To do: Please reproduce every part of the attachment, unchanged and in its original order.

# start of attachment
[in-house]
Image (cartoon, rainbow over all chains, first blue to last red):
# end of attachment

[in-house]
Image (cartoon, rainbow over all chains, first blue to last red):